August 28, 2012

Texas 'discriminatory' redistricting gets court smackdown

And, now we know why the Texas GOP wanted to separate the earlier redistricting ruling on interim redistricting from Voting Rights Act issues. The DC Circuit Court of Appeals says the redistricting maps don't pass muster, not at all. In fact, the court's full opinion mentions "retrogression" and "discriminatory intent."

For example, in discussing Congressional redistricting:
(W)e agree that the plan was enacted with discriminatory purpose.
Indeed. The court goes on to cite specific instances, with folks like Sheila Jackson Lee and Al Green.

But, assuming that SCOTUS doesn't intervene, the new Congressional, state House and state Senate seats will remain in place for two years, and it will be harder to eject first-time newcomers from places like the conservative-driven U.S. House District 25.

That said, though it was a borderline correct call SCOTUS did intervene over the San Antonio district court panel's original ruling in the interim redistricting, and also forced it to delink from Voting Rights Act preclearance issues.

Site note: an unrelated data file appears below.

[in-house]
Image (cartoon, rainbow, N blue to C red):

Anyway, as I said months ago, due to that delinkage, this ruling today may be a fairly hollow victory for Democrats, minorities and electoral justice. But wingnuts like Greg Abbott won't settle for partial wins.

Beyond that, the loser is the Texas taxpayer whom the Texas GOP falsely claims to love. Because of this ruling, if it stands, next year's Legislature will have to start over from ground zero. The interim maps cannot be used as a starting point. And, the GOP is probably likely to try to get away with something again, especially if Romney is elected. So, we'll waste more taxpayer money on more court battles, more state redistricting experts, etc.

Update: I may, just may, have spoken too soon on the interim maps issue. At National Journal, Michael Li says the San Antonio court, time-pressed as it might be, could indeed decide to take today's ruling into account.

Update, Aug. 30: And, what's no surprise, either, Texas voter ID law has also gotten a smackdown in appeals court.

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